ENVIRONMENTAL STANDARDS FOR • U.S. FOOD PRODUCTS • ECLAC Carbon Footprint Seminar • Jason Hafemeister • Vice-President, AFJ & Associates October 11, 2012 1701 Pennsylvania Ave NW Suite 300 | Washington DC 20006 | Tel: +1 (202) 349-1434 | www.afjandassociates.com 1307 Dolley Madison Blvd. Suite 4C | McLean VA 22101 | Tel: +1 (703) 556-0071 | Fax: +1 (703) 556-0074 Penthouse Edificio Murano Center | 14 Calle 3-51 Zona 10 | Guatemala City, Guatemala 01010 | Tel: (502) 2386-1011 | Fax: (502) 2386-1001
Agenda • Framework for U.S. Agriculture and Food Laws • Environmental protection • Health and Safety • Legal Framework for Carbon Emissions • State and Federal Roles • Voluntary Attributes and Actions • National Organic Program • Marketing Initiatives • Emissions Initiatives • Demand Pull • Supply Push • Field to Market • Consumer Goods Forum • U.S. Dairy Sustainability Commitment • COMET-Farm
U.S. Legal Framework • Legal Framework for Agriculture and Food Production • U.S. agricultural producers are subject to a wide range of environmental statutes that establish production and emission standards. • High profile laws include the Clean Water Act and the Clean Air Act • U.S. farmers are required to meet certain environmental standards if they participate in U.S. farm programs, designed to protect fragile lands and minimize pollution. • Farmers must have a conservation plan in place and protect from land erosion and preserve wet lands. • Farmers and Food Processors are subject to U.S. food safety regulations that set standards with an aim of protecting human health. • Examples include FIFRA (chemical control), Food Quality Protection Act (establishes MRLs), and Toxic Substances Act
U.S. Legal Framework • Major Environmental Laws Governing Agricultural Production • Clean Air Act • Clean Water Act • Comprehensive Environmental Response, Compensation, and Liability Act • Coastal Zone Act • Reauthorization Amendments of 1990Emergency Planning and Community Right-To-Know Act • Federal Insecticide, Fungicide, and Rodenticide Act • Food Quality Protection Act • Oil Pollution Act • Regulatory Flexibility Act (RFA) and Small Business Regulatory Enforcement Fairness Act (SBREFA) • Resource Conservation and Recovery Act • Safe Drinking Water Act • Toxic Substances Control Act http://www.epa.gov/agriculture/llaw.html
U.S. Legal Framework • Legal Framework for Carbon Markets • States have the authority to regulate individuals and businesses • California Cap and Trade system • refineries, power plants, industrial facilities, and transportation fuels. • Tradable alllowances distributed, reduced over time. Aim for 1990 carbon levels by 2020, and then 80% reduction by 2050. • First Auction: November 14, 2012 • NE Regional Greenhouse Gas Initiative • Power generation CO2 emissions capped and auctioned • Federal schemes can over-ride state systems. • U.S. Constitution Article 1, Section 8, Clause 3: Commerce clause – the feds have the authority to regulate inter-state commerce. • “Dormant Commerce” clause – leave the regulating to the feds and discrimination across states is prohibited. • No restrictions on voluntary off-set programs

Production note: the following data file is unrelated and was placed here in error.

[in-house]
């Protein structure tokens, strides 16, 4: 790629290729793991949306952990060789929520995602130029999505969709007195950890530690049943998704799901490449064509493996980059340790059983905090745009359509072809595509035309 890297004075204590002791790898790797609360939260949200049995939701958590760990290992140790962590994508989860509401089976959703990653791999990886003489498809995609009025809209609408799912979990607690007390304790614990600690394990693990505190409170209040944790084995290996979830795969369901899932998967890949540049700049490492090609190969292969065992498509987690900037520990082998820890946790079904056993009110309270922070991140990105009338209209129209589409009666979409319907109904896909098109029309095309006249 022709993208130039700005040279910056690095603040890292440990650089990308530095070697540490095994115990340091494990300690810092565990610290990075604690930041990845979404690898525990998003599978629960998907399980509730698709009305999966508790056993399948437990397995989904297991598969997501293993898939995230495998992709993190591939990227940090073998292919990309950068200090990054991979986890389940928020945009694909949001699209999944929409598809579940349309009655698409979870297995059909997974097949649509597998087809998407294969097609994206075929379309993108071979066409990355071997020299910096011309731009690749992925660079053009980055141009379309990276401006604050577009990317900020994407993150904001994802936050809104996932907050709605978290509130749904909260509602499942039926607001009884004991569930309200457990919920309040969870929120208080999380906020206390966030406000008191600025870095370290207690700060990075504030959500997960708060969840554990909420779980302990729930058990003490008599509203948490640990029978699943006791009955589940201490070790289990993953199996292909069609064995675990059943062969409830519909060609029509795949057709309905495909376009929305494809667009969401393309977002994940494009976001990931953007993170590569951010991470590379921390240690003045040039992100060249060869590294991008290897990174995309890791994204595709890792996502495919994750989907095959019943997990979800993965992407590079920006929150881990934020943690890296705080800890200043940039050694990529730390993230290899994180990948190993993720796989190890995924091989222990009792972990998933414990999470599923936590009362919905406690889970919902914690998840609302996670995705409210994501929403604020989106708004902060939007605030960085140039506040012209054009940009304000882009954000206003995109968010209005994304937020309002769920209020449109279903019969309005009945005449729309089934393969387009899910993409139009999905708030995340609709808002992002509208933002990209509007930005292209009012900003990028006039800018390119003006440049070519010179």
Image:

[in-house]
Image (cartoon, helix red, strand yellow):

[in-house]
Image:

Voluntary Attributes • National Organic Program Framework • Organic practices defined • Must use approved practices that support sustainability • Certain practices prohibited: synthetic fertilizers, sewage sludge, irradiation, and genetic engineering • Certification • Third party certifiers inspect and verify compliance. • USDA audits and investigates. • Use of labeling: USDA organic seal
Voluntary Attributes USDA National Organic Standards labeling requirements.
Voluntary Attributes Meat and livestock product labels • Free-range: shelter, unlimited access to food, fresh water, and continuous access to the outdoors during their production cycle. Regulated by the USDA. • Cage-free: able to freely roam a building, room, or enclosed area with unlimited access to food and fresh water during their production cycle. • Natural: minimally processed and contain no artificial ingredients. However, the natural label does not include any standards regarding farm practices and only applies to processing of meat and egg products. Regulated by the USDA. • Grass-fed. receive a majority of their nutrients from grass throughout their life. Regulated by the USDA. • Pasture-raised: not regulated by the USDA. • Humane: not regulated by the USDA.
Voluntary Attributes FTC Guidelines on Environmental Claims • Prevent deceptive claims. • Specificity on components and environmental benefits: • Substantiate comparisons • Do not unqualified general environmental claims (“eco-friendly”) • Carbon Offsets • be careful with accounting, don’t sell offset more than once • prominently identify offsets that will occur two years or more in the future • do not claim reduction if it was already required by law
Voluntary Attributes Role of Third Party Sustainability Certifiers • Rainforest Action Network • Forest Stewardship Council • Fairtrade • 4C • Scientific Certification Systems • Organic Certifying Agents for National Organic Program